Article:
I was thinking the other evening about how glad I was to finally get all the dead branches that were hanging over my roof, cleaned out of my trees. The rain was pouring down and I was able to actually relax not having to worry about my roof. It’s one of the benefits of living where I do, every year we get the pleasure of experiencing the gamut of weather here in Wyoming. We get heat, cold, snow, rain, and most of the year we get wind. It’s almost always present and most of the time it’s actually bearable. But every once in a while we get these ungodly gusts that throw you around like you were a rag doll.
It’s when these large wind events occur that life gets busy; and it doesn’t matter if it’s a house fire, downed power lines from trees, or vehicle rolls, one thing is always certain. Wyoming wind is always a road map to cold. These large wind events are guaranteed to come with freezing rain, snow, or a combination of the two. It’s cold, wet, and hard work. Luckily, the very gear that protects us from the heat of an inferno is also the gear that keeps us warm on those cold nights. And it was the storm that evening that reminded me of a night only a winter or two ago. The picture below, as a back drop, provides a pretty good first impression of the night.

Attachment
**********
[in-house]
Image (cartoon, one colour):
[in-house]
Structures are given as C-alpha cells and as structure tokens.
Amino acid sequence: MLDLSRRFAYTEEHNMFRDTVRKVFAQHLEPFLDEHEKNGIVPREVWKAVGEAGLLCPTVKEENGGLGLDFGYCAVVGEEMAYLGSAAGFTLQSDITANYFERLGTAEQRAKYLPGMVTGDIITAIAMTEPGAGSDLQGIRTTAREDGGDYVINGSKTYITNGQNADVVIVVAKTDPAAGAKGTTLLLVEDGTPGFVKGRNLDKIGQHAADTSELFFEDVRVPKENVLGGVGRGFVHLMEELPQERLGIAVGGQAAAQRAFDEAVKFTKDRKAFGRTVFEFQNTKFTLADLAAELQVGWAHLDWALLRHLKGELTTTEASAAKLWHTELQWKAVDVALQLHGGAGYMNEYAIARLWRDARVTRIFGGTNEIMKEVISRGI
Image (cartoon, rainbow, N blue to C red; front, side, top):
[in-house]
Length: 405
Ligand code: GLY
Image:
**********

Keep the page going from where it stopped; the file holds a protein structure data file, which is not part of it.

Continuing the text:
Unfortunately for this individual, wind likes truckers. It almost feels like it’s only fair sometimes. Kind of like it’s payback for that time one passed you and the wind from them almost knocked you off the road. But regardless if its karma or something else, I think the big rigs are magnets for wind. They’re either creating it or being knocked over by it. And when that happens, it’s up to us to go out and fix the problem. As told by the foot prints and tier tracks in the snow; by the time this photo was taken we and already loaded the individual in the ambulance and shipped him down the hill. There was a brief pause in the wind allowing for a couple shots of the scene but out of many photos taken only about two were clear enough to actually enjoy.
The crazy thing about wind is that it doesn’t discriminate. People are just as likely a target of its wrath as vehicles, and it soon let us know that. The wind quickly picked up after this shot and was hitting gusts upwards of 50 mph. This combined with the slick roads started pushing us off the road as well. We ended up having to dawn our cleats just to stay on the road and finish our work. Gladly though, aside from rosy cheeks and cold fingers, we were warm from the wind.
As a side note, I’m sizing down the pictures to try and clean up my posts a little. Let me know if you like it or if you’d rather see the larger pictures.